Sunday, 29 December 2013

Radio Times TV Review of 2013

That venerable publishing colossus, Christmas perennial, and loyal
Doctor Who advocate, the Radio Times, has revealed the results of their annual survey. Their website's top forty shows of the year has placed the programme at a respectable number twenty-two (down from number fifteen last year, and probably due to a reduced run of episodes). Mark Gatiss' one-off anniversary drama, An Adventure in Space and Time - his "love letter" to Doctor Who - also polled in thirteenth position.
  Rwriter and resident Whovian Patrick Mulkern comments:

22) Doctor Who BBC1 
Despite peripheral distractions (stamps, books, docs, a Prom), fans could be forgiven for thinking the golden anniversary was lean in terms of transmitted episodes. The concluding chunk of series 7 was a stew of corkers and stinkers, with Mark Gatiss’ juicy pastiche The Crimson Horror (with Diana Rigg) eclipsing Neil Gaiman’s Cyber-tripe Nightmare in Silver. Steven Moffat’s big celebration special, simulcast in 94 countries, ticked fan boxes by deftly weaving old Who with new. Yet at a time when ever-younger Time Lords seemed in vogue, he and Gatiss boldly volleyed Peter Capaldi (55), David Bradley (71), John Hurt (73) and even the majestic Tom Baker (79) into primetime TV as viable Doctors.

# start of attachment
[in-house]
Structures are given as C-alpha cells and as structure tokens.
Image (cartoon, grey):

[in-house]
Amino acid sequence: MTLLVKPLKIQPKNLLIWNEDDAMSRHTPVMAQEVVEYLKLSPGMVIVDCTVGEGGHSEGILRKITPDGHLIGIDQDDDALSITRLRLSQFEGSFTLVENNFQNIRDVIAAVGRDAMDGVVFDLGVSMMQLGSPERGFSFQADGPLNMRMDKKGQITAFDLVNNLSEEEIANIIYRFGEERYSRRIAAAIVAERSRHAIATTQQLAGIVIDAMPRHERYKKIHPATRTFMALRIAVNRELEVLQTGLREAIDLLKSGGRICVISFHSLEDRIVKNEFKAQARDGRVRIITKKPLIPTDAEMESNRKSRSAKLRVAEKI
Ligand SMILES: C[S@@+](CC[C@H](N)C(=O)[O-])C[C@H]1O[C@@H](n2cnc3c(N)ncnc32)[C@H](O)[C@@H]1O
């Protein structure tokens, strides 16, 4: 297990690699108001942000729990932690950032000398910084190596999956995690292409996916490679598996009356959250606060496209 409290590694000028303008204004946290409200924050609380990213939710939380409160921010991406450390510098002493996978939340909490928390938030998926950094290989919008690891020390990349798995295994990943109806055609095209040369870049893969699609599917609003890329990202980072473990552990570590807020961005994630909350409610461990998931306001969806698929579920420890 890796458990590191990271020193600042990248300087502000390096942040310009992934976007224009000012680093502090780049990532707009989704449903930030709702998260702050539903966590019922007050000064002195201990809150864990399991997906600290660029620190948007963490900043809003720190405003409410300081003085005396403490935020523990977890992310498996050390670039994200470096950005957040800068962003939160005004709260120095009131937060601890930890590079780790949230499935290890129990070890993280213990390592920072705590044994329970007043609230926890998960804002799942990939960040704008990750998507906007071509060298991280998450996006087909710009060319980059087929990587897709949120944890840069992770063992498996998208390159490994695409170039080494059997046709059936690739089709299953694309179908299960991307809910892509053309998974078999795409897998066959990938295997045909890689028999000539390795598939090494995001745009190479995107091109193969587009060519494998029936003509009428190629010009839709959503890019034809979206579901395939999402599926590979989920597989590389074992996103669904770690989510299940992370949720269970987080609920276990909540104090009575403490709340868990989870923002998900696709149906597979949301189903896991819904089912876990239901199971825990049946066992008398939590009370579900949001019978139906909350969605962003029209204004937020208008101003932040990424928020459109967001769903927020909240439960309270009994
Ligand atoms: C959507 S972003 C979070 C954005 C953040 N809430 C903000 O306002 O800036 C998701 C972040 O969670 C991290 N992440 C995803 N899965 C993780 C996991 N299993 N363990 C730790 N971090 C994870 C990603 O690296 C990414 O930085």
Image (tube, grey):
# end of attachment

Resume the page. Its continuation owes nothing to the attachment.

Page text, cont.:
13)  An Adventure In Space and Time BBC2 
Taking its title from a tagline printed on every 1960s RT billing for Doctor Who, Mark Gatiss’ account of the show’s origins was meticulously and lovingly mounted, celebrating the team of outsiders who, 50 years ago, shook up the fusty Corporation and gave birth to a TV phenomenon. Doubly poignant, An Adventure was the last drama made at BBC TV Centre and showed how Doctor Who captivated, then cast aside, its original star William Hartnell. So much more than a startling looky-likey, David Bradley brought a terrier’s bite, a twinkle and immense pathos to Hartnell and the character he created. He deserves a Bafta.

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